The season speeds on and at the start of the week I race on over to school. The alarm goes at 5.30 am.
It’s my warning alarm.
It buzzes and I silence it. Squash.
At 5.45 the next one goes and I begin to roll towards the edge and, by 6, I’m out.
Showered and changed by 6.15, kissed and blessed by my wife.
At 6.20 the toast pops, Sky News whirrs in the background and at 6.30 a.m. I’m driving.
At the beginning of this it was much darker in the mornings and the darkness seemed to punctuate the day; dark at my day’s opening and dark at its end. This endless light is unnatural now and the lack of demarcation by orbit and axis only confuses.
Thirty minutes into the journey I encounter difficulty: road rage.
I cross a roundabout and a dark shadow tries to creep in alongside my passenger side forcing me into oncoming traffic. I trust to the 2 tons of tin, sound the horn and continue onwards. He flashes and beeps furiously. Between this point and the next road I have another 30 minutes to contemplate my manoeuvre, but find no complaint. For 30 minutes he follows, sometimes at a distance, at others he laps at my exhaust. Finally I find an opportunity to pass the lorry in front and put some serious tonnage between us. My paranoia eases and I plough on until there he is again.
I eventually come to the dual carriageway and put pedal to metal and race to my next turn off, fighting off the paranoia. I turn. All is safe. He is nowhere to be seen.
Ten minutes in, he’s back.
The route I take to school isn’t one many others would follow and the fact he’s been with me now for the last 50 miles is perturbing.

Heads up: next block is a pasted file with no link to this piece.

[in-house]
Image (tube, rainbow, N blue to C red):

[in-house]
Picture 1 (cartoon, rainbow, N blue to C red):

I know the road and plan. Various tv theme tunes intrude and I pull off. He passes.
Ah blessed paranoia.
I rejoin the road and there he is. In the lay-by. Waiting.
I mentally note his registration and Mad Max-like, sans bondage apparel, throom on by heading to the next rise and the farm entrance that I know is there, but, hopefully, he doesn’t. It works. I pull in but he doesn’t see. I watch him pass and rejoin the road. He gradually disappears into the horizon and I cruise into work.
I still park out of view of the road though, just in case.
The entire night I imagine a banged up Vauxhall rolling into my nightly hidey-hole, engine roaring monstrously, lights on beam.
It reminds me of how vulnerable I know I am, know that I feel, but dismiss for the sake of a restful night’s sleep. Four walls, in my dreams, are castle-like with sentries at every corner.
The next day the routine pulls me back in and the kids delight at every turn. My GCSE group seem to be getting it. Up till now thorns of terror seemed to envelop us, but we’re there and it’s time. A perfect storm. My midweek point ends with glueing and sticking and one boy telling me he can fit his ears into the glue lids. My eyebrows raise:
“I can. I can get my ears inside the glue lids.” He assures and proceeds to interpret my raised eyebrow as the starter’s pistol of challenge.
Both of them.
These last months all we’ve been interested in is testing children to our prescribed diet of achievement, but today there’s room for recognising and acknowledging the bizarre too. Our measures are those of the adult world, theirs’ are their own and they are unique for it.
The next day begins with a lovely email from the PE department. I haven’t seen the missing high jump pole they are missing, but I’ll keep my eyes peeled.
My last night, before heading home the following day, I disturb hidden lovers in the night’s choice of park up. A Mini, not a Vauxhall.
I roll by and park up as far away as I can, but that’s it for them. They head off sheepishly. There’s a lay-by up the road. I’m sure they’ll be fine.
In the night I hear strange sounds and imagine tapping. The Vauxhall driver. Thankfully, it turns out to be the blackouts on the window and the suckers detaching. I spit and reapply.
I’ll be home tomorrow.
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Thank you to everyone who has taken the time to get in touch and share your responses to the adventure my wife and I are on. Mental health is a rising issue for many and this blog has been, in many ways, a life saver, as has the feedback.
If you missed the article inThe Guardian you can find it here: